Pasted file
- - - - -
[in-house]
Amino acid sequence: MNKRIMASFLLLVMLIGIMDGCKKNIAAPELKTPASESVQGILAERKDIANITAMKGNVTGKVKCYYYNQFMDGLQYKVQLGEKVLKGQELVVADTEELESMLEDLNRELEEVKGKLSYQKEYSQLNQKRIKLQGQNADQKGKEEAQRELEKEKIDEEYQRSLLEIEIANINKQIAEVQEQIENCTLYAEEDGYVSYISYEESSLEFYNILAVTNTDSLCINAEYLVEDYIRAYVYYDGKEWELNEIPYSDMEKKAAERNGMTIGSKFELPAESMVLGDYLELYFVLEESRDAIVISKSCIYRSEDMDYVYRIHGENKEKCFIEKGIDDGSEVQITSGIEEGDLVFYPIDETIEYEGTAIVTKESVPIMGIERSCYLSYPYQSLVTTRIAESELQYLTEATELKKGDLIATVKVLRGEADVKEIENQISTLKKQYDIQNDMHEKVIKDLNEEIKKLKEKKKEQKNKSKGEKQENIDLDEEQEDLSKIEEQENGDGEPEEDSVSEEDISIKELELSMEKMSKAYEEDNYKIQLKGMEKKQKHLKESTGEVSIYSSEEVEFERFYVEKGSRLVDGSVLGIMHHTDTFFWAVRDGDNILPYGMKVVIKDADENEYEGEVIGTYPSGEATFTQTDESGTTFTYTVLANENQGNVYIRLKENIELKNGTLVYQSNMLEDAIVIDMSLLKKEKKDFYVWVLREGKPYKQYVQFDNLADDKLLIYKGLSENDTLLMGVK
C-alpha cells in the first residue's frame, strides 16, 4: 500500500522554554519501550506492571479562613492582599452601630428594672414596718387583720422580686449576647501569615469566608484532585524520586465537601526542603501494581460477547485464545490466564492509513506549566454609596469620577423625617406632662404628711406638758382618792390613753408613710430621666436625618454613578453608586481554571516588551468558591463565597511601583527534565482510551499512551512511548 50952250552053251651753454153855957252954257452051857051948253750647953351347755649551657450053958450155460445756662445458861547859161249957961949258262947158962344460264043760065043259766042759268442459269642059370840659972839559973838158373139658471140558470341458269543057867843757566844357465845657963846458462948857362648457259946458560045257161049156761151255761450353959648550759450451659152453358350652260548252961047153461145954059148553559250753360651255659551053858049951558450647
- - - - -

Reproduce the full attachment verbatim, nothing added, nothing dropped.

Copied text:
[in-house]
Amino acid sequence: MNKRIMASFLLLVMLIGIMDGCKKNIAAPELKTPASESVQGILAERKDIANITAMKGNVTGKVKCYYYNQFMDGLQYKVQLGEKVLKGQELVVADTEELESMLEDLNRELEEVKGKLSYQKEYSQLNQKRIKLQGQNADQKGKEEAQRELEKEKIDEEYQRSLLEIEIANINKQIAEVQEQIENCTLYAEEDGYVSYISYEESSLEFYNILAVTNTDSLCINAEYLVEDYIRAYVYYDGKEWELNEIPYSDMEKKAAERNGMTIGSKFELPAESMVLGDYLELYFVLEESRDAIVISKSCIYRSEDMDYVYRIHGENKEKCFIEKGIDDGSEVQITSGIEEGDLVFYPIDETIEYEGTAIVTKESVPIMGIERSCYLSYPYQSLVTTRIAESELQYLTEATELKKGDLIATVKVLRGEADVKEIENQISTLKKQYDIQNDMHEKVIKDLNEEIKKLKEKKKEQKNKSKGEKQENIDLDEEQEDLSKIEEQENGDGEPEEDSVSEEDISIKELELSMEKMSKAYEEDNYKIQLKGMEKKQKHLKESTGEVSIYSSEEVEFERFYVEKGSRLVDGSVLGIMHHTDTFFWAVRDGDNILPYGMKVVIKDADENEYEGEVIGTYPSGEATFTQTDESGTTFTYTVLANENQGNVYIRLKENIELKNGTLVYQSNMLEDAIVIDMSLLKKEKKDFYVWVLREGKPYKQYVQFDNLADDKLLIYKGLSENDTLLMGVK
C-alpha cells in the first residue's frame, strides 16, 4: 500500500522554554519501550506492571479562613492582599452601630428594672414596718387583720422580686449576647501569615469566608484532585524520586465537601526542603501494581460477547485464545490466564492509513506549566454609596469620577423625617406632662404628711406638758382618792390613753408613710430621666436625618454613578453608586481554571516588551468558591463565597511601583527534565482510551499512551512511548 50952250552053251651753454153855957252954257452051857051948253750647953351347755649551657450053958450155460445756662445458861547859161249957961949258262947158962344460264043760065043259766042759268442459269642059370840659972839559973838158373139658471140558470341458269543057867843757566844357465845657963846458462948857362648457259946458560045257161049156761151255761450353959648550759450451659152453358350652260548252961047153461145954059148553559250753360651255659551053858049951558450647